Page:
Although France was late to the party in regards to having Pokémon Go released, there have still been people speaking out about why they don’t think Pokémon Go should be allowed in parts of their country. According to the mayor of Bressolles, he has requested the ban be applied to Pokémon Go in that village due to it creating a distraction for pedestrians and the like. While people have been speaking out about this all over the world, only a few people have been taking it seriously and attempting to contact Niantic to full on ban the game from being accessed in their countries.
8. Hiroshima Atomic Bomb Memorial
I’m beginning to feel like a broken record at this point. Here is another fine example of a place that really shouldn’t have to discuss why Pokémon Go should not be played here, but unfortunately, they have to publicly tell people not to do it. Shouldn’t this type of thing be obvious at this point in time? Don’t disrespect memorials. Don’t disrespect resting places. Period. The more I hear about people playing a silly mobile game in such places like the Hiroshima Atomic Bomb Memorial, my faith in humanity dwindles a little bit more. It wouldn’t be too surprising if the entire world were to ban Pokémon Go indefinitely. It’s not that important people.
Even though it’s not being considered as a permanent ban, the entire country of Belgium has gotten banned from playing Pokémon Go for a couple days. Recently, Niantic has been announcing that they are going to start throwing out bans to people who are cheating on Pokémon Go, and somehow, by targeting an IP address through a phone carrier, the entire country of Belgium has been banned altogether. Not much is known about the permanent repercussions this will bring. Even if it doesn’t end up being a permanent ban, things like this still do happen, and that’s what’s causing people to get paranoid about this type of thing taking the country by storm.
Not in the same vein as some of the other famous places Pokémon Go has been banned, Egypt has decided that due to religious reasons, it would not like to allow Pokémon Go to be accessible. According to the Islamic institution, Pokémon Go is deemed as un-islamic therefore pushing the ban towards the mobile app. At the same time, Egypt shares the opinion of other countries where there are people speaking out about how dangerous the game can be. Just be careful people, Pokémon Go isn’t worth getting run over by a car.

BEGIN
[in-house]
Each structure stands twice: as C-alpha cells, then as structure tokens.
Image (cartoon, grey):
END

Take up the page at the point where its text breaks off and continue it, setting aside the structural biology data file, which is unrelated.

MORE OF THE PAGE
5. 9/11 Memorial
There isn’t a whole lot of information regarding whether or not authorities have decided to ban Pokémon Go from being used at the 9/11 Memorial, but this definitely goes along with the other areas I’ve talked about in this article, and for me to even read about people taking advantage of the fact that the 9/11 Memorial is a “pokestop” is both irritating and mind-blowing. This is part of the reason Niantic needs to take some caution when they are creating the “pokestops,” because there are some sensitive areas that really shouldn’t be touched, even for catching Pokémon.
4. Tuol Sleng Genocide Museum
Unfortunately, the Tuol Sleng Genocide Museum was no stranger to be chosen as a hot spot for Pokémon Go players. It was so much of a hot spot due to it being the location of a Pokémon gym, that Cambodia took it into their own hands and decided to ban the use of Pokémon Go at the Tuol Sleng Genocide Museum. While people should really know better than to think that it’s a smart idea to walk into places like this strictly for Pokémon Go, the ban is certainly a good idea.
Pokémon Go has been the creator of certain conspiracy theories and threatening usages worldwide, and it’s even made it’s way to the Pentagon. It’s gone so far to the point that the Pentagon has had to ban Pokémon Go due to the potential for foreign cyber attacks. Unfortunately due to the fact that Pokémon Go has to pinpoint your location in order to decide where you are, these type of threats aren’t out of the realm of possibility, so the Pentagon banning Pokémon Go isn’t necessarily a bad thing. I certainly wouldn’t want to be at a risk of cyber attacks, that stuff happens too often as it is, another reason for it to happen is unnecessary.
I know that I’ve been throwing entire countries into this article, but I consider countries themselves famous places, even if there aren’t places specifically in those countries that aren’t. There’s recently been word from Russia that they are also looking to ban Pokémon Go due to religious reasons. They’ve been quoted as saying “There is a feeling that the devil came through this mechanism and is simply trying to destroy us spiritually from within.” There’s been several reports of countries banning the app for this reason. Russia has every right as other countries do to ban the app for this reason.
1. Yasaka Jinja Shrine
It’s becoming more common since the release of Pokémon Go that places of religious value are starting to feel offended at the fact that they are the locations of pokestops and the like, and honestly, I don’t blame those people for wanting that to be put to a halt. It’s been mentioned a few times in this article already, but Niantic should really be more cautious of where they are placing their pokestops, because there’s some places that really aren’t open to the idea to be a place inside a virtual game.
When it really boils down to it, the bans being thrown out to players of Pokémon Go and the bans rising from countries and famous places are both of no surprise. There’s even been a recent turn of events where Niantic has put their foot down towards the cheaters of the game, and to be honest, good. They need to start taking a bit more ownership of their game, and if it’s a start to ban the cheaters, then so be it.